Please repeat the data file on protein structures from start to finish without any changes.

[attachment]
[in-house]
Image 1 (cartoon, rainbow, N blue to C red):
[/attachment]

[in-house]
Image 1 (cartoon, rainbow, N blue to C red):